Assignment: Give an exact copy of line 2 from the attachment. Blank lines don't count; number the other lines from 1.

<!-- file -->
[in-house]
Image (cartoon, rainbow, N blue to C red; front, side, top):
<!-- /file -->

Image (cartoon, rainbow, N blue to C red; front, side, top):